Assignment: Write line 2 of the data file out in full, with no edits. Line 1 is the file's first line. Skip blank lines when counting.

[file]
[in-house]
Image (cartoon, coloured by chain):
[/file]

Image (cartoon, coloured by chain):